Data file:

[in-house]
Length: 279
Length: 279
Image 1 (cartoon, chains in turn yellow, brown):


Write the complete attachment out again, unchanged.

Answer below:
[in-house]
Length: 279
Length: 279
Image 1 (cartoon, chains in turn yellow, brown):